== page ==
You can now use Apple Pay with ING Direct and Macquarie Bank
Apple Pay adds two more banks to its growing digital wallet ranks.
It’s official: ING Direct and Macquarie Bank customers can now tap and go with Apple Pay. Earlier this month, we reported that the two banks would join 44 other Australian card providers who currently offer Apple’s digital wallet.
You can use Apple Pay to make contactless payments with your smartphone with ING Direct and Macquarie Bank credit and debit cards as long as you’ve connected it with your Apple Pay wallet. To add your Macquarie Bank or ING Direct debit or credit card to your Apple device, you just need to open your Wallet app and tap the ‘+’ sign in the top right corner. Then you’ll just need to follow the prompts to add your card details.
Once you’ve confirmed your card details, Apple Pay is relatively easy to use in store. There’s no need to wake your iPhone or open an app, you just need to hold your phone near the contactless reader with your finger on the Touch ID. If the payment is approved, “Done” will appear on the display, as well as a subtle vibration and beep to let you know the payment was sent.
Apple Pay isn’t just restricted to your iPhone either. While the digital wallet is available with iPhone SE, iPhone 6 and 7, you can also tap and go with your iPad Mini 3 and later, the iPad Air 2, iPad Pro and Apple Watch.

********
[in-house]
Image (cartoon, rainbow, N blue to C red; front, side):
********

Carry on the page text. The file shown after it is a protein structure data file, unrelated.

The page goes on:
As well as ING Direct and Macquarie, Apple Pay is also available with large banks such as ANZ and American Express. However, it will be a while before we see any of the other Big Four banks jump on the Apple Pay bandwagon. NAB, CommBank and Westpac are currently butting heads with Apple to gain access to its NFC function and give their customers the choice to use both Apple Pay and their own internal contactless payment apps.
However, Apple rejects the idea and claims the banks’ proposal is based on a wish to avoid market competition and avoid Apple Pay fees. Last week, global head of Apple Pay Jennifer Bailey said she was confident in Apple’s position as the dominant leader in mobile payments and that customers are willing to change banks in order to use their digital wallet. While the ACCC rejected the proposal submitted by the remaining Big Four banks’ in November, they’ve submitted another that focuses solely on access to the NFC function for review. So, it’s likely to still be some time before you see any of these banks join the Apple Pay ranks.
See our Apple Pay guide for more information on how the digital wallet works and to compare which banks you can use it with.
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Picture: Shutterstock and ING Direct